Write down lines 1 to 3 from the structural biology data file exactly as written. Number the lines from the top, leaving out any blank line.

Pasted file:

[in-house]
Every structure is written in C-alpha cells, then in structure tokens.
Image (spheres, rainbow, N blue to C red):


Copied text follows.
[in-house]
Every structure is written in C-alpha cells, then in structure tokens.
Image (spheres, rainbow, N blue to C red):